Dismay as badger cull is rolled out to 11 new areas
The incidence of bovine TB has fallen in Gloucestershire and Somerset, new data from the government suggests.
Defra says bTB levels in the two areas are now around half what they were before the four-year pilot badger culls began.
TB incidence in Gloucestershire fell from 10.4 per cent before culling started, to 5.6 per cent in year four of the cull. Meanwhile, in Somerset, levels fell from 24 per cent to 12 per cent.
Announcing the new figures, the government also revealed that licences have been granted for badger culls in 10 new areas within the High Risk Area. One additional licence has been granted within the Low Risk Area in Cumbria.
In addition, a new round of applications has opened for Badger Edge Vaccination Scheme grants. The scheme was suspended for two years after a global vaccine shortage, before resuming in 2017.
Farming minister George Eustice said: “Bovine TB remains one of the greatest animal health threats to the UK. There is no single measure that will provide an easy answer which is why we are committed to pursuing a wide range of interventions to protect the future of our dairy and beef industries and eradicate the disease within 20 years.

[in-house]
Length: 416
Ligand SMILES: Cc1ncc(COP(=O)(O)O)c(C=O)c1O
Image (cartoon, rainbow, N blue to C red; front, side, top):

“No one wants to be culling badgers forever so the progress reported today is encouraging.
Staffordshire Wildlife Trust expressed “extreme dismay” that the county has now been granted a culling licence. Over 40,000 badgers could be culled by the end of 2018 as a result of the extension of the cull to new areas, the trust added.
Julian Woolford, chief executive, Staffordshire Wildlife Trust, said: “It is unacceptable that the government has not waited for the results of their own review – which we understand is to be published imminently – before forging ahead with another year of ineffective and expensive badger culling.
“The badger cull is a dangerous distraction from addressing the main route of bTB transmission in cattle which is between cattle.”
Senior policy manager Ellie Brodie added: “We’re calling on the government to invest in medicine, not marksmen. The costs of killing badgers are much higher than vaccinating them – it costs £496.51 to kill a badger compared with £82 to vaccinate a badger.”